Blues on the Green

A Concert Series is Born to Build to Solve a Marketing Problem

W.C. Clark

W.C. Clark

When I was marketing director for The Arboretum Shops in Austin, Texas a question was asked?  What can we do to increase traffic and sales on Thursday evenings?  Why Thursday evenings?  The Arboretum was an upscale open-air shopping center that closed at 6:00pm every evening except Thursdays.

Research showed us that shoppers didn’t know that the center was open late Thursdays and retailers were frustrated that there was no traffic and they weren’t making money on their late night.

Luckily we were in Austin and even then, talented musicians were plentiful and there was much support for the musical community.  Looking at our budget,we decided to set up a series of free, Thursday evening concerts.  Because the concerts started early and ended by 9:00 PM we could get hire the musicians for a reasonable cost.  It was a great deal for the bands too because they could still play a club or other venue after performing at The Arboretum.  So with a tiny stage, an orange extension cord and duct tape we scheduled concerts.

KGSR radio was new to Austin and liking their format, we approached them as being a joint sponsor of the event.  Because of the sponsorship and because they were new, we were able to buy spots cheap – about $40 a minute.  We were also able to book some wonderful talent.  W.C. Clark (The Godfather of Austin Blues) was our very first performer.  Toby Anderson worked for Trammell Crow, the owner of the shopping center, and helped book all the bands.  He was our second performer.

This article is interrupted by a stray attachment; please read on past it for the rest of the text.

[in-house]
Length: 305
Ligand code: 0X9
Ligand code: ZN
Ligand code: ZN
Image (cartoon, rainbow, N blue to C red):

The night of the first concert was a larger success than we even hoped.  We probably had 3,000 people attend, the cookie shop sold every last chocolate chip, stores were busy, money was made and a community tradition was born.

KGSR still sponsors Blues on the Green. The crowds long ago outgrew The Arboretum and the concert series has moved to Zilker Park, but the tradition continues.

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